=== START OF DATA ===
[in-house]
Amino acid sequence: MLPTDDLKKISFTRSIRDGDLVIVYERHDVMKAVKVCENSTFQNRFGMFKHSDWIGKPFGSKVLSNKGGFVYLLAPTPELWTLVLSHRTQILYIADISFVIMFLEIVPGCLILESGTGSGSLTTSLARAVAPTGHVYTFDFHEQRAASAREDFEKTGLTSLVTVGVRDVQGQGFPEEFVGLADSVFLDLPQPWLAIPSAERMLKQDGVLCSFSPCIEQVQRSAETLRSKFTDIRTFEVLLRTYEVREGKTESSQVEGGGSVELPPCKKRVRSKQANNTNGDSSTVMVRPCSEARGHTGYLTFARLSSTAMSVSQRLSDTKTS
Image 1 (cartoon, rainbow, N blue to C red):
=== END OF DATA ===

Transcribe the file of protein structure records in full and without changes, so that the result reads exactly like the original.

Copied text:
[in-house]
Amino acid sequence: MLPTDDLKKISFTRSIRDGDLVIVYERHDVMKAVKVCENSTFQNRFGMFKHSDWIGKPFGSKVLSNKGGFVYLLAPTPELWTLVLSHRTQILYIADISFVIMFLEIVPGCLILESGTGSGSLTTSLARAVAPTGHVYTFDFHEQRAASAREDFEKTGLTSLVTVGVRDVQGQGFPEEFVGLADSVFLDLPQPWLAIPSAERMLKQDGVLCSFSPCIEQVQRSAETLRSKFTDIRTFEVLLRTYEVREGKTESSQVEGGGSVELPPCKKRVRSKQANNTNGDSSTVMVRPCSEARGHTGYLTFARLSSTAMSVSQRLSDTKTS
Image 1 (cartoon, rainbow, N blue to C red):